Since long back many destructions has been accomplished by humankind. Below list of some very recent and rarely known extinctions that humans have helped towards.
Worldly known as the Tasmanian Tiger, the Thylacine was the hugest known carnivorous marsupial of modern times. Almost wiped out in the wild due to constant hunting and the intrusion of humans on their already limited habitat the Thylacine was finally recognized as being in danger of becoming extinct in 1936.
They reveals on of the most calamitous story of extinction of modern times. As recently as around 200 years ago they weren’t anywhere near extinction. The easy availability led to commercialisation in the form cheap food for poor and slaves. They were also threat to farmers due to their large size of flocks. The last trace of this serene beautiful bird named Martha, died alone at the Cincinnati Zoo at about 1:00 pm on September 1, 1914
Also see – Most Exotic Birds Ever
Caribbean Monk Seal
The seal is native to the Caribbean Sea and the Gulf of Mexico is Caribbean Monk Seal. The extinction causes of the seal include human interference. It happened mainly when Columbus stepped for a 2nd time to America during his voyage. Columbus instructed his crew to kill eight of the animals, which he called “sea-wolves”, for food, paving the way for exploitation of the species by European immigrants who came in his wake. Since then, the once found in large quantity seals have been hunted for their oil and slaughtered by fishermen, who regarded the animals as competitors. It was officially declared extinct on June 6th, 2008.
These subspecies were restricted to the Indonesian island of Java. With increasing human population, very large part of islands were made usable for humans through cultivation, affecting tiger’s natural habitat. Wherever man moved in, the Javan tigers were ruthlessly hunted down or poisoned. The last trace was informed in the year 1972. The leading cause of their extinction was agricultural encroachment and habitat loss, which continues to be a serious concern in Java.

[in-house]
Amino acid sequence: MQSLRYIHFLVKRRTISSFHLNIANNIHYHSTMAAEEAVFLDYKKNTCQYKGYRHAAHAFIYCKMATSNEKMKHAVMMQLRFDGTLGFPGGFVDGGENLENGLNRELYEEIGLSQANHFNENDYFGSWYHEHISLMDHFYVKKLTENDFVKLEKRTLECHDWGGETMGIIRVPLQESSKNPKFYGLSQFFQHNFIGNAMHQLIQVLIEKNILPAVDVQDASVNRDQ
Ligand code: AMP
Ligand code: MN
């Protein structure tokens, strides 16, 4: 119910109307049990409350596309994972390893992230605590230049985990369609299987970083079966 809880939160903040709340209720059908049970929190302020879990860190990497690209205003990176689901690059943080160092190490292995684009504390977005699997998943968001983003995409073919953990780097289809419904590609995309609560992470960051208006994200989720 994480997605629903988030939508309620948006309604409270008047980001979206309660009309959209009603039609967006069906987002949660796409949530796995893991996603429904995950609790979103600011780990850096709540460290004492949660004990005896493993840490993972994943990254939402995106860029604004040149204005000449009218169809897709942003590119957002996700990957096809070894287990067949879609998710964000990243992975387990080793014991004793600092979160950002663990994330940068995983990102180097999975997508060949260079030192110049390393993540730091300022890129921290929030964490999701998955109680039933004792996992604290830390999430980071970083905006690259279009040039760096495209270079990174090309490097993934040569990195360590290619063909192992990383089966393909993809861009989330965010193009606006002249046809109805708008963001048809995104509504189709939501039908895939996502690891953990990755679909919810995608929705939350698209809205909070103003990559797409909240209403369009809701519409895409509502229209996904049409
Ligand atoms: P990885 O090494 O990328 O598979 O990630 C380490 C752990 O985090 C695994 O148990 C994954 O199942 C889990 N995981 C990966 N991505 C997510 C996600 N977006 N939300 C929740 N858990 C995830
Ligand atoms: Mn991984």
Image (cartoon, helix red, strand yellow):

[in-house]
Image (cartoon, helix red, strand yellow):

Baiji River Dolphin
Industrialisation of China and further heavy use of fishing caused substantial fall in population of Baiji River Dolphin. With a growth of China economy, more industrial and residential junk flowed into the Yangtze river. Traffic of ships also increased. In the 1970s and 1980s, an estimated half of Baiji deaths were attributed to entanglement in fishing gear. Only a few hundred were left by 1970. Then the number dropped down to 400 by the 1980s and then to 13 in 1997 when a full-fledged search was conducted. The dolphin was declared functionally extinct after an expedition late in 2006 failed to record a single individual after an extensive search of the animal’s entire range.